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Publication# Detailed heap profiling

Abstract

Modern software systems heavily use the memory heap. As systems grow more complex and compute with increasing amounts of data, it can be difficult for developers to understand how their programs actually use the bytes that they allocate on the heap and whether improvements are possible. To answer this question of heap usage efficiency, we have built a new, detailed heap profiler called Memoro. Memoro uses a combination of static instrumentation, subroutine interception, and runtime data collection to build a clear picture of exactly when and where a program performs heap allocation, and crucially how it actually uses that memory. Memoro also introduces a new visualization application that can distill collected data into scores and visual cues that allow developers to quickly pinpoint and eliminate inefficient heap usage in their software. Our evaluation and experience with several applications demonstrates that Memoro can reduce heap usage and produce runtime improvements of 10%.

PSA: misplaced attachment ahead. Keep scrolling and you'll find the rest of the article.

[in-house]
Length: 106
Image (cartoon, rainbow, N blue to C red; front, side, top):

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D-ary heap

The d-ary heap or d-heap is a priority queue data structure, a generalization of the binary heap in which the nodes have d children instead of 2. Thus, a binary heap is a 2-heap, and a ternary heap is a 3-heap. According to Tarjan and Jensen et al., d-ary heaps were invented by Donald B. Johnson in 1975. This data structure allows decrease priority operations to be performed more quickly than binary heaps, at the expense of slower delete minimum operations.

Binary heap

A binary heap is a heap data structure that takes the form of a binary tree. Binary heaps are a common way of implementing priority queues. The binary heap was introduced by J. W. J. Williams in 1964, as a data structure for heapsort. A binary heap is defined as a binary tree with two additional constraints: Shape property: a binary heap is a complete binary tree; that is, all levels of the tree, except possibly the last one (deepest) are fully filled, and, if the last level of the tree is not complete, the nodes of that level are filled from left to right.

Heap (data structure)

In computer science, a heap is a specialized tree-based data structure that satisfies the heap property: In a max heap, for any given node C, if P is a parent node of C, then the key (the value) of P is greater than or equal to the key of C. In a min heap, the key of P is less than or equal to the key of C. The node at the "top" of the heap (with no parents) is called the root node. The heap is one maximally efficient implementation of an abstract data type called a priority queue, and in fact, priority queues are often referred to as "heaps", regardless of how they may be implemented.

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